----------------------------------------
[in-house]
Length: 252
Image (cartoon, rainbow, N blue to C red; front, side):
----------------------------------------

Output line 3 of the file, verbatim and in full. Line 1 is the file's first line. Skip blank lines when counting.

Image (cartoon, rainbow, N blue to C red; front, side):